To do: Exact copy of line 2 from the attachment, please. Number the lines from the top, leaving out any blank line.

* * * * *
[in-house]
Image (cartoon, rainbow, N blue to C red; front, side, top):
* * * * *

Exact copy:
Image (cartoon, rainbow, N blue to C red; front, side, top):